Indian American musician Sheela Bringi has been exploring the connections between her ancestral and actual homelands her entire life. The talented singer and multi-instrumentalist’s debut album, Incantations (White Swan; Release: February 25, 2014), is a milestone in a young career rooted in the integrity of India’s classical music tradition and the beauty of its mantras, as well as a groundbreaking exploration of American blues and jazz.
As a young woman Bringi was influenced by M.I.A. and Dead Can Dance, studied with Cecil Taylor and Meredith Monk, while at the same time deepened her studies with demanding Indian classical instructors like G.S. Sachdev and Aashish Khan. “Studying with these innovators and masters cracked my musical world wide open,” she says. “It helped me develop a sense of where music traditions might bend, and where they might break. This sense is necessary if you hope to reshape and re-imagine old music.”
India’s two-century journey into Western consciousness has assumed many forms, from the itinerant beauty of the land’s classical music, championed by late sitar maestro Ravi Shankar, to the 20 million+ Americans down-dogging on yoga mats daily. Bringi straddles the entire range: she has performed in concert halls and universities presenting traditional material, yoga studios leading kirtans and in dance clubs overtop throbbing, bass-heavy beats. Her invigorating openness to possibility is helping to further the classical tradition without diluting its meaning and sense of personal and communal worship.
“My music is about accessing a place of mystery and divinity,” says Bringi. Her harp, harmonium and bansuri (Indian bamboo flute) create an exquisite sonic foundation for her unique singing of ancient Sanskrit mantras—a practice as musically pleasing as it is culturally progressive.
Sheela’s mother, Sreedevi, a Professor of Hinduism, Sanskrit and Yoga Studies at Boulder’s Naropa University, learned Vedic chanting from her grand uncle, who was a famous Sanskrit scholar in the former King of Mysore’s court in South India. Once reserved for only men to study, the groundbreaking Sreedevi passed along the recitation of these mystical spiritual teachings to her daughter.
Bringi’s unique vision brings new life to these millennia-old lyrics and also to more populist Hindu devotional chants. Her gorgeous harp performance—once a staple in ancient Indian music, though today often only a footnote—on “Bhajaman Ram” locks into a Balkan-inspired odd meter. The song praises Rama, the hero of the great mythological tale The Ramayana; Bringi’s tranquil performance proves hypnotic.
“Raja Ram,” the album’s upbeat handclapping closer, also pays allegiance to Rama, though with a completely different temperament. Featuring Bringi’s longtime collaborator Clinton Patterson on blues guitar, backing vocals, and the Western African percussion instrument, shekere, this captivating track ties together the musical history of the worlds she grew up with within: South Asia and the Southern soul of American blues.
Bringi has long considered Georgia native Patterson a kindred spirit; the musicians have worked together for years in PremaSoul. The songwriter/multi-instrumentalist is also Incantation’s producer. His skilled ear helped fashion lush textures—the pulsating drones and ethereal harp set against trance-inducing harmonium and dancing percussion. This balance of rare elements makes sense if you consider Bringi and Patterson’s shared origins.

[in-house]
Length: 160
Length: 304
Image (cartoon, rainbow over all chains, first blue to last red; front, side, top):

“There are a number of parallels between the American South and South India,” Patterson reflects. “The most meaningful one for me is the balance of celebration and darkness within the music; it’s all blues.” Like the philosophical underpinnings of Indian epics, the songs of Incantations are rich in the symbolism of entwining celebration and darkness, death and rebirth, reflective of the ultimate nature of reality.
Carnatic swagger meets Atlanta soul on “Sri Krishna,” which is driven by hip-hop/soul dynamic duo Gene Coye and Ben Shepherd on drums and bass. Interestingly, Indian music has greatly inspired American rap music. The little-known Indian influence on Jamaican culture resulted in a number of defining features of the Nyabinghi societies and, eventually, reggae music. These include the belief in karma, dreadlocks, the term ‘Jah’ (from the Indian ‘Jai’) and chanting. Two major bedrocks of what became rap music were the evolution of rhyming over music in ‘toasting’ with Jamaican sound system turntablism and the African storytelling heritage embodied in American blues music. Patterson and Bringi’s partnership should more correctly be considered a reunion, one they pull off beatifically.
This reuniting of sound is exquisite on “Peacock,” a folk song from Assam in northeastern India praising the Hindu deity Krishna. Mythology abounds in “The Three Eyed-One,” a ceremonial mantra to Shiva as Lord of Death, featuring snake-like saxophone and trumpet, along with the Australian didgeridoo. The fire continues in the scorching tribute to the fierce goddess Durga, “Buffalo-Demon Slayer.” Klezmer-induced brass invokes the anthemic marching music that Indian nomads brought to the Balkans centuries ago, while the traditional thavil drums keep the song charging ahead. As with the entire record, however, Bringi’s vocals take center stage.
A mature and well-crafted release balancing its own arsenal of forces, from the heartfelt, gritty nature of bhajans to the seductive balladry she masters, Incantations is certain to position Sheela Bringi as a force in the evolution of Indian-American song, as well as its widespread potential to influence and inspire a world.